# USACO Gold 2020 January - Farmer John Solves 3SUM

Authors: Qi Wang, Ryan Chou

Official Analysis (C++ and Java)

## Explanation

Although the problem may be daunting at first, it helps to think about how a smaller range is connected to another.

If $\texttt{ways}[i][j]$ equals the number of unordered triplets which sum to zero between $[i, j]$, then what states does this rely on?

We can choose to exclude one endpoint or the other, which gives us a picture like this (reminder to make sure not to double count the overlap).

While this'll count all the triplets in between them, we aren't taking into account any triplets which use both the elements at $i$ and $j$, since those aren't included in our "PIE-like" transition.

To do this, we can precalculate the number of triplets which start at $i$ and end at $j$ in $\mathcal{O}(N^2)$ time by storing the occurences of the compliment of $i$ and $j$ in an array.

More formally, our final transition is:

$\texttt{ways}[i][j] = \texttt{ways}[i + 1][j] + \texttt{ways}[i][j - 1] - \texttt{ways}[i + 1][j - 1] + \texttt{trp}[i][j]$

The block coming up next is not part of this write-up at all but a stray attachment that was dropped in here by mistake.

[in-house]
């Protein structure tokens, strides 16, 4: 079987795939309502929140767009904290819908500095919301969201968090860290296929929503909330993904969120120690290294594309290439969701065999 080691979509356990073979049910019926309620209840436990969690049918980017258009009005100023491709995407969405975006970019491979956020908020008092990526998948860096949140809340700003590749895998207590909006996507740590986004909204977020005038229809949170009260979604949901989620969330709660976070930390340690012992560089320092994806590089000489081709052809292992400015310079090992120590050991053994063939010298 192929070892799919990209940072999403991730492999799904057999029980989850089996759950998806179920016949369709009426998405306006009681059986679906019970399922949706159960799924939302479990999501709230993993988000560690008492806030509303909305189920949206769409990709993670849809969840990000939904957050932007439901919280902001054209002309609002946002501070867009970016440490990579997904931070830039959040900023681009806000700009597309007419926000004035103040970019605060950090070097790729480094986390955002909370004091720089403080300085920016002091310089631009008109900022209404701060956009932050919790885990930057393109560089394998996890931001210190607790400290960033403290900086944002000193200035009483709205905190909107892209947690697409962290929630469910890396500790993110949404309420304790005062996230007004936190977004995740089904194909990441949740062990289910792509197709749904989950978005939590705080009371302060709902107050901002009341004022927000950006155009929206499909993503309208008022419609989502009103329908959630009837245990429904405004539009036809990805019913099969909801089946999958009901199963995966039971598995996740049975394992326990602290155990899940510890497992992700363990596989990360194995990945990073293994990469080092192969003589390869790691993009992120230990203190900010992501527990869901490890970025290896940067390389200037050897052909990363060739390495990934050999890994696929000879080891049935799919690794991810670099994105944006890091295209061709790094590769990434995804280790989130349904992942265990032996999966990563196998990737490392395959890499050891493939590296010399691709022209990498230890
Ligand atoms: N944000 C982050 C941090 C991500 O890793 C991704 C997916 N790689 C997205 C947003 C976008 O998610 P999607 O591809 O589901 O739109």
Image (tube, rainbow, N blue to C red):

where $\texttt{trp}[i][k]$ equals the number of triplets which sum to zero and start at $i$ and end at $k$.

## Implementation

**Time Complexity:** $\mathcal{O}(N^2)$

Note that we can't store $\texttt{trp}$ in its own array due to memory constraints.

C++

#include <bits/stdc++.h>using namespace std;using ll = long long;const int MAX_VAL = 1e6;int main() {freopen("threesum.in", "r", stdin);freopen("threesum.out", "w", stdout);cin.tie(0)->sync_with_stdio(0);

Java

import java.io.*;import java.util.*;public class Threesum {static final int MAX_VAL = 1000000;public static void main(String[] args) throws IOException {Kattio io = new Kattio("threesum");int N = io.nextInt();int Q = io.nextInt();int[] a = new int[N];for (int i = 0; i < N; i++) { a[i] = io.nextInt(); }

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